Sunday, March 25, 2018

Jordan raises all monetary policy rates 25 bps

       Jordan's central bank raised all its monetary policy interest rates by 25 basis points, effective Sunday, March 25, to "strengthen the pillars of monetary and financial stability, limit foreseen inflationary pressures, and maintain a competitive return on financial instruments denominated in Jordanian dinars."
       The rate hike by the Central Bank of Jordan (CBJ) follows the U.S. Federal Reserve's 25-basis-point rate increase on March 21, and is in line with the CBJ's policy since March 2017, when it has been shadowing the Fed's rate hikes.
       The Jordanian dinar has had a fixed exchange rate to the U.S. dollar since 1995 and is the nominal pillar of its monetary policy.
        "The decision adjusts the structure of local interest rates to be more consistent with the recent trends and developments in the global and regional rates," CBJ said.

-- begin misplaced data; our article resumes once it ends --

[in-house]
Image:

The CBJ's main policy rate, the one-week repo rate, is now 4.25 percent, the rediscount rate 5.25 percent, the rate of repurchase agreements 5.0 percent and the overnight deposit rate 3.25 percent.
        But while the central bank raised its policy rates, it retained the rate on lending programs that target small and medium enterprises in the vital sectors of industry, tourism, agriculture, renewable energy, engineering consultants and information technology to "promote economic growth creation, particularly for youth.
        The central bank's rate on projects in the capital of Amman was maintained at 1.75 percent and rates on projects in other was unchanged at 1.0 percent.
       Jordan's inflation rate rose to 3.7 percent in February from 3.0 percent in January.


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